Rheumatoid arthritis patients suffering from interstitial lung disease may eventually have more targeted therapies, thanks to new evidence on the pathophysiology of the pulmonary condition.
Using computer-assisted image analysis, a team of investigators from the Mayo Clinic in Rochester, Minn., demonstrated an increased number of certain subtypes of T cells in the lung tissue of rheumatoid arthritis (RA) patients with interstitial pneumonitis (IP) compared with patients with the same pulmonary diagnosis who did not have RA.
The results support the long-held hypothesis that lung disease associated with RA might be T-cell driven, said Eric Matteson, M.D., one of the principal investigators.
“The fact that rheumatoid arthritis is thought to be a largely T-cell-driven disease has led to suspicions that T cells also play a major role in lung disease in RA patients.”
This study is the first to demonstrate the association through laboratory testing, he noted. “Up to this point, the possibility that extraarticular organ disease in RA is T-cell [mediated] has not been shown, other than studies of salivary glands in patients with Sjögren's disease,” he said.
The results also support the contention that rheumatoid interstitial lung disease is fundamentally different from other forms of the chronic, progressive pulmonary disorder, despite similarities in radiographic and histopathologic appearance. As such, the treatment approach “should likely be different as well,” Dr. Matteson said.
In their investigation, the Mayo Clinic researchers compared the prevalence of T-cell subtypes in lung biopsy specimens from 15 patients with rheumatoid IP with that observed in the specimens from 16 non-RA patients with idiopathic IP. Using immunohistochemical staining to enhance the T cells for microscopy and a high-resolution digital camera, the investigators acquired a total of 11,412 digital images of the stained specimens magnified 100 times (Arthritis Rheum. 2005;52:73-9).
Image analysis software helped quantify the stained T-cell markers relative to the total lung tissue. While conventional microscopy is an adequate technology for counting, it is poor for measuring areas, staining intensity, or distances—all of which are important for reducing sampling error and which can be achieved easily via computer-assisted analysis, said Dr. Matteson.
The analysis showed significantly more CD4 and CD3 cells among the rheumatoid arthritis patients, as well as a trend toward more CD8 cells. There was difference in T-cell prevalence between “usual” and “nonspecific” IP in RA patients, providing additional evidence that rheumatoid lung disease is distinctive.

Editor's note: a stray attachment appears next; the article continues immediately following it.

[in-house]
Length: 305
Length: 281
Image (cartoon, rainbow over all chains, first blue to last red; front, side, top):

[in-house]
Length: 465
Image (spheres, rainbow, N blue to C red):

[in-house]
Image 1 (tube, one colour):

In idiopathic manifestations, there are significant pathophysiologic and survival differences between usual and nonspecific classifications.
Those patients with RA-associated lung disease were more likely to be receiving current treatment with glucocorticosteroids at the time of lung biopsy than were patients with idiopathic lung disease, but these treatment differences did not explain the T-cell findings, said Dr. Matteson. “Steroids would be expected to reduce lymphoid infiltrates, which, if anything, would diminish differences in the number of cells positive for CD4 and other markers between the RA group and the non-RA group.”
If validated through additional studies, this finding could impact both the diagnosis and treatment of rheumatoid IP, which is estimated to affect 500,000 patients in the United States.
The image analysis technique employed by the investigators could be used to identify patients with RA-related lung disease early in the disease process. Rheumatoid arthritis that spreads beyond the joints involving the lungs is more likely to be fatal if not treated aggressively in its early stages, Dr. Matteson said.
The findings also may help guide the use and/or development of more drugs that specifically target the involved immune activity, he noted.
“There is a certain nihilism about treating putatively immune mediated interstitial lung disease in idiopathic cases as well as in inflammatory rheumatic diseases, because so many patients seem to respond poorly to therapy, which is relatively nonspecific,” said Dr. Matteson.
The conventional treatment approaches include high-dose glucocorticosteroids, cyclophosphamide, and cyclosporine, although there are no data demonstrating the efficacy of these agents on lung function or survival.
“T-cell directed therapies such as the anti-CD4 therapies under development may be more appropriate for managing rheumatoid lung disease,” Dr. Matteson said.
“T cells also govern, and are governed by, the cytokine milieu in rheumatoid arthritis, including tumor necrosis factor. These therapies could also be helpful, although emerging reports of TNF-related pulmonary toxicity indicate there is still much to be learned before these approaches are considered,” he stated.
In addition to T-cell involvement, the B cell may be of central importance to lung disease, and may also provide a potential target. The Mayo team is actively investigating the possibility of B-cell involvement, as well as antigen development and processing in the rheumatic lung.